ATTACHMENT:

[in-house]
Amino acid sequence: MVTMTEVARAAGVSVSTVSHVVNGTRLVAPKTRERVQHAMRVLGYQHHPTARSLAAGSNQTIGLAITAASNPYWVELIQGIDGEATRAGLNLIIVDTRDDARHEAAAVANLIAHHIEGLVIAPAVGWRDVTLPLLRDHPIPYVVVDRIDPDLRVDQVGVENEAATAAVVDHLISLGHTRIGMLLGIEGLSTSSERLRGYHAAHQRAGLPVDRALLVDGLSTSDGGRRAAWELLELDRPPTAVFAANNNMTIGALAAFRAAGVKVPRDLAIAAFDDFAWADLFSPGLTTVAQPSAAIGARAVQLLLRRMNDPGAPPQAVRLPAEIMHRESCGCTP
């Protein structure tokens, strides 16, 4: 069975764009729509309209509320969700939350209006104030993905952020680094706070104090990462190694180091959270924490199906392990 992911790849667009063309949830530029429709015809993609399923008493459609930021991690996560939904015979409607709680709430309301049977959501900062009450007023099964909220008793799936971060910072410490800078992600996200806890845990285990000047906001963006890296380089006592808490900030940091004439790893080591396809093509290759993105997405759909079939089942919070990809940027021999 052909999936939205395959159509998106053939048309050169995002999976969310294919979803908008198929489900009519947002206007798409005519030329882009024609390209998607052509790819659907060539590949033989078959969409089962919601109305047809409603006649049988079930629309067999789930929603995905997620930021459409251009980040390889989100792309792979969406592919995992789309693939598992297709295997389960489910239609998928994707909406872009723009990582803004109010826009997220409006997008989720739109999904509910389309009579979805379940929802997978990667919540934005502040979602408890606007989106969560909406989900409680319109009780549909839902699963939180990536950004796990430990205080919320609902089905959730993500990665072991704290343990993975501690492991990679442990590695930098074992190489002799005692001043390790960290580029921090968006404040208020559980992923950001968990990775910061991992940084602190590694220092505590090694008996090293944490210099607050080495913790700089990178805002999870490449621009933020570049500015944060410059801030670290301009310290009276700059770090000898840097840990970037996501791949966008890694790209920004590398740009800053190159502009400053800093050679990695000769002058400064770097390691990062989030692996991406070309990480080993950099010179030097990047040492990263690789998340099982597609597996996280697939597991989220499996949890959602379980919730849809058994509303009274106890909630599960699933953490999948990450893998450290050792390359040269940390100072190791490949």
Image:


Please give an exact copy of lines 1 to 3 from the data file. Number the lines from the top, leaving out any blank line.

[in-house]
Amino acid sequence: MVTMTEVARAAGVSVSTVSHVVNGTRLVAPKTRERVQHAMRVLGYQHHPTARSLAAGSNQTIGLAITAASNPYWVELIQGIDGEATRAGLNLIIVDTRDDARHEAAAVANLIAHHIEGLVIAPAVGWRDVTLPLLRDHPIPYVVVDRIDPDLRVDQVGVENEAATAAVVDHLISLGHTRIGMLLGIEGLSTSSERLRGYHAAHQRAGLPVDRALLVDGLSTSDGGRRAAWELLELDRPPTAVFAANNNMTIGALAAFRAAGVKVPRDLAIAAFDDFAWADLFSPGLTTVAQPSAAIGARAVQLLLRRMNDPGAPPQAVRLPAEIMHRESCGCTP
């Protein structure tokens, strides 16, 4: 069975764009729509309209509320969700939350209006104030993905952020680094706070104090990462190694180091959270924490199906392990 992911790849667009063309949830530029429709015809993609399923008493459609930021991690996560939904015979409607709680709430309301049977959501900062009450007023099964909220008793799936971060910072410490800078992600996200806890845990285990000047906001963006890296380089006592808490900030940091004439790893080591396809093509290759993105997405759909079939089942919070990809940027021999 052909999936939205395959159509998106053939048309050169995002999976969310294919979803908008198929489900009519947002206007798409005519030329882009024609390209998607052509790819659907060539590949033989078959969409089962919601109305047809409603006649049988079930629309067999789930929603995905997620930021459409251009980040390889989100792309792979969406592919995992789309693939598992297709295997389960489910239609998928994707909406872009723009990582803004109010826009997220409006997008989720739109999904509910389309009579979805379940929802997978990667919540934005502040979602408890606007989106969560909406989900409680319109009780549909839902699963939180990536950004796990430990205080919320609902089905959730993500990665072991704290343990993975501690492991990679442990590695930098074992190489002799005692001043390790960290580029921090968006404040208020559980992923950001968990990775910061991992940084602190590694220092505590090694008996090293944490210099607050080495913790700089990178805002999870490449621009933020570049500015944060410059801030670290301009310290009276700059770090000898840097840990970037996501791949966008890694790209920004590398740009800053190159502009400053800093050679990695000769002058400064770097390691990062989030692996991406070309990480080993950099010179030097990047040492990263690789998340099982597609597996996280697939597991989220499996949890959602379980919730849809058994509303009274106890909630599960699933953490999948990450893998450290050792390359040269940390100072190791490949």